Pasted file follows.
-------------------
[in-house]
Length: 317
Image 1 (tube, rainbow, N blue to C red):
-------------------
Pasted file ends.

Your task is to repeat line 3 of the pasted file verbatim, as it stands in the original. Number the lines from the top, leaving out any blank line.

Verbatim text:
Image 1 (tube, rainbow, N blue to C red):